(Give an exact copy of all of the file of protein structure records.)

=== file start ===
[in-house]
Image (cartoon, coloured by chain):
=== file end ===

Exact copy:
[in-house]
Image (cartoon, coloured by chain):